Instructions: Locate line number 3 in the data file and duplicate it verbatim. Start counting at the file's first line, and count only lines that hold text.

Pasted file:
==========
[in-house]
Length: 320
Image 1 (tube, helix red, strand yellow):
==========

Image 1 (tube, helix red, strand yellow):